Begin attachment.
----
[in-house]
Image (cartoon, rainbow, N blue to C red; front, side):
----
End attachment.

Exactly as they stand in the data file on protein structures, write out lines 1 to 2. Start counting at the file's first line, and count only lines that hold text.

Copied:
[in-house]
Image (cartoon, rainbow, N blue to C red; front, side):